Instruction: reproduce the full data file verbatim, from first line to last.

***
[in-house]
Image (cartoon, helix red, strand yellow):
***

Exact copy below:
[in-house]
Image (cartoon, helix red, strand yellow):